THE BLOG

Private Scholarships -- A Billion-Dollar Rip-Off

05/08/2015 10:48 pm ET | Updated May 08, 2016

This article only applies to those students who will qualify for need-based financial aid. Pity the poor student who dedicated several years of blood, sweat and tears to the Red Cross, YMCA, Kiwanis, Rotary, or any other nonprofit organization, only to see all their well-deserved scholarship money evaporate into thin air and wind up in the bank account or endowment fund of their alma mater. That's right! Virtually all organizations that award students private scholarships make the check made payable to the student and the college. In that way, the colleges consider it a resource to help pay for a student's education.

By the end of the school year, most awards banquets are held and worthy students are honored with various scholarships. Very often their names appear in the paper as recipients for all their hard work and dedication. Since the organization is primarily giving this money to be used for a student's education, they ask the family where the student will be attending and make out the check to both parties.

Most schools send out their financial aid offers between January and April, with a May 1st decision date. What a kick in the teeth it is to find out when a revised award letter arrives that the school's aid has now been reduced dollar for dollar based on the amount of the scholarship received! It's usually listed as "private scholarship," "outside aid," or very often, "other." Here's a typical before and after scenario:

Before Receiving Private Scholarship Money

1. Cost of Attendance (COA)*= $45,000

2. Expected Family Contribution EFC*= $10,000

3. Financial Need (FN)*= $35,000

4. The student qualifies for the following aid:

  • A - Stafford Loan -- $5,500
  • B - Perkins Loan -- $2,000
  • C - Federal work-study award -- $2,500
  • D - State grants, etc. -- $3,000
  • E - College scholarships, grants, tuition waivers, etc. -- $22,000
  • F - Total -- $35,000

1. The student will qualify for a maximum of $22,000 in financial aid from the college.

After Receiving Private Scholarship Money

1. Cost of Attendance (COA)*= $ 45,000

2. Expected Family Contribution EFC*= $10,000

3. Financial Need (FN)*= $35,000

4. The student qualifies for the following aid:

  • A - Stafford Loan -- $5,500
  • B - Perkins Loan -- $2,000
  • C - Federal work-study award -- $2,500
  • D - State grants, etc. -- $3,000
  • E - Private Scholarships -- $10,000
  • F - College scholarships, grants, tuition waivers, etc. -- $12,000
  • G - Total -- $35,000

1. The student now qualifies for a maximum of $12,000 in financial aid from the college! The private scholarships are a bonus for the school, not the student. It enables the college to reduce their aid dollar for dollar, because if E were $0, F would be $22,000.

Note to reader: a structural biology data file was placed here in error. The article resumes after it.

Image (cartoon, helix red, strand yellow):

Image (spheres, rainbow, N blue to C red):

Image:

*COA = tuition, fees, room and board, books, etc.
*EFC = the minimum the federal gov't determines a family will pay at any college
*FN = the maximum amount of aid a family will qualify for

These greedy schools already laid the groundwork for this theft months earlier. Those students who applied to any of the 200+ elite private and a few state colleges that require the CSS Financial Aid Profile financial aid form may have already indicated they would be scholarship recipients. Section SR, Student's Expected Resources for 2015-2016, Question SR-150, asks for the total dollar amount expected from "grants, scholarships, fellowships, etc., from sources other than colleges," and they must be listed individually in Section ES, Explanations/Special Circumstances.

The majority of schools that only require the FAFSA (Free Application for Federal Student Aid) simply send out a questionnaire asking about private scholarships. They're less devious, but just as deft.

Who in their wildest dreams would have ever thought that colleges would stoop so low and play such a dirty trick? Truth be told; it's all about the money and have no doubt about it. Every year there are billions awarded in private scholarships, and who benefits? None other than these "poor" institutions of higher learning enriching their billion dollar endowment funds at the cost of their deserving students.

The best way for a family to avoid this catastrophe is to personally discuss this sordid state of affairs with the scholarship committee, either at the time of application or well in advance of their announcing the awards. In that way, the check can be made payable to the parents instead of the student. If that tactic fails, ask them to postpone sending the check until after the student has enrolled.

If all else fails, have the student write to the financial aid administrator, explain the situation and kindly ask (grovel if you must) that because of all their hard work, they are really entitled to the money, and the college should not reduce their aid by the amount of the scholarship. If they take a hard line, try to negotiate some of the money back into the student's pocket, because half a loaf is better than none.

This blog post is part of the 'College 101' blog series, curated by the editors of HuffPost Financial Education to provide parents with the best advice for financing their children's college educations. To see all the other posts in the series, click here.

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